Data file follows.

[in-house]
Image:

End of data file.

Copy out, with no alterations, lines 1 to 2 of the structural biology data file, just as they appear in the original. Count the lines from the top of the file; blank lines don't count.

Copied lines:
[in-house]
Image: